In 2020 we launched a new project named “The Dialogue Kiroku Project”. As of today, the vast records from the ICRP dialogue seminar and Fukushima Dialogue have not been preserved with future use in mind. The Kiroku project aims to classify and re-organize the information so they may be passed on to the future generation. We plan to post reports on a regular basis, in both Japanese and English. At the end of 2020, a booklet will be published and distributed to those who request.
Our aim is to record the trajectory of what happened in Fukushima after the nuclear accident, focusing on the thoughts and actions of the people who lived in Fukushima at the time. ICRP Dialogue and Fukushima Dialogue encouraged people to speak about their actual experiences in daily lives, from a wide range of themes, from food safety to return to evacuation zones, etc. We are committed to reflecting the voices of ordinary citizens and their actual challenges/experiences in daily life throughout Kiroku project.
Kiroku project has been adopted as a recipient of Fukushima Prefecture’s grant to support rehabilitation activities.
by Ryoko Ando The first Dialogue I attended was the “Second Dialogue on the Rehabilitation of Living Conditions after the Fukushima Accident,” held in February 2012. I was invited to make a presentation and also one of the roundtable discussants. I had no idea what a dialogue meeting was nor what I should expect, and […]
by Jacques Lochard Dear participants, welcome to this twenty-first dialogue meeting in Fukushima. Thank you for being here today. I am very happy to be back in Iwaki. The summer is in full swing and despite the strong heat you came once again numerous to listen and to share testimonies of residents who have gone […]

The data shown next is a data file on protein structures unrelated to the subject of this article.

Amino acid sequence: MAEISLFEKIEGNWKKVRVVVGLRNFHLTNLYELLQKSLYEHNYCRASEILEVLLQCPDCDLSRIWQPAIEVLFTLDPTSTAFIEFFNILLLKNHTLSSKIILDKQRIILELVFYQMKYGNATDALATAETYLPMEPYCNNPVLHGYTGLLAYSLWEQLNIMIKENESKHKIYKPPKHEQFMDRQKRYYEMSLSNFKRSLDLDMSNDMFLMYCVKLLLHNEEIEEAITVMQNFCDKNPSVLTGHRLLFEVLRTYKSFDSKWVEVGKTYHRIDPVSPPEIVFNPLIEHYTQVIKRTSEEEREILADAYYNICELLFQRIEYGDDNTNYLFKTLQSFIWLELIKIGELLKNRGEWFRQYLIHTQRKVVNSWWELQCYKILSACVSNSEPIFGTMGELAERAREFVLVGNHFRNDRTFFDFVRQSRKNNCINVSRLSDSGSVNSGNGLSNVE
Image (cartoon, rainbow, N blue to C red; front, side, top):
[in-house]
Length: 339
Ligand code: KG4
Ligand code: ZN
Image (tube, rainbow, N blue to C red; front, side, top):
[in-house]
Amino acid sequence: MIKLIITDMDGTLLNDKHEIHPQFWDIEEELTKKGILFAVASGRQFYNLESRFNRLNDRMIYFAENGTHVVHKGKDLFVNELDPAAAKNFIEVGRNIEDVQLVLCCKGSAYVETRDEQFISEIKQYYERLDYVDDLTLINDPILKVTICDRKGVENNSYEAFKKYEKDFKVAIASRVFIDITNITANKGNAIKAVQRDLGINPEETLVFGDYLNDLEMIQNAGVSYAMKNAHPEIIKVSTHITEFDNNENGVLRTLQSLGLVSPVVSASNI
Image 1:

Presented by Anastasia Fiadosenka About Anastasia Fiadosenka Jacques Lochard introduced Anastasia at Dialogue Seminar in Date City on July 9 2017 Anastasia was born in the village of Kaporenka in the Bragin district, Belarus, located only 22 kilometres away from the Chernobyl NPP. (The Bragin district was one of the most affected areas by the […]
Contributed by Astrid Liland Astrid LilandDirector for the Department of Emergency Preparedness and Response at the Norwegian Radiation and Nuclear Safety Authority Disclaimer: Some of this text was first published in the Annals of the ICRP, Volume 45, Issue 2_suppl, December 2016, pp. 92-98, SAGE journals. https://doi.org/10.1177/0146645316680582 1. Norwegian impressions from the dialogue seminars – […]
by Ryoko Ando Another characteristic of the Dialogue was the presence of the participants from abroad. In fact, we received many guests from different countries and cultures. This was because the Dialogue started out as the ICRP Dialogue Initiative. The ICRP is an independent, international, and non-governmental organization of radiation experts. Answering ICRP’s calls, experts […]
by Ryoko Ando So far, we have looked at the divisions created after the nuclear power plant accident. Now we will turn to the healing efforts that emerged in parallel with these problems. The Dialogue was one of these efforts. As described in the section “What is our Dialogue?”, its foundation is the post- Chernobyl […]
by Ryoko Ando Up to now, our focus has been the divide inside Fukushima. But the accident also created a huge gap between Fukushima Prefecture and the rest of Japan. This divide was often discussed in the Dialogue, as people from outside participated in the sessions. If radiation was the problem, discussing the prefectural difference […]
by Ryoko Ando Each Dialogue meeting had a different color, reflecting its theme or the participants’ character. But looking back, sessions on education and child-rearing were memorable for the strained atmosphere. The participants sounded guarded and wary, as if they did not dare speak freely. It may have reflected the difficulty of talking about radiation […]
by Ryoko Ando Divide is one of the words that became widely used after the Fukushima Daiichi nuclear power accident. It is a tricky word. It sounds convincing and we stop thinking what it really means, like, “Divide―Yes, that should be it.” However, the word itself does not explain the nature of the divide, what […]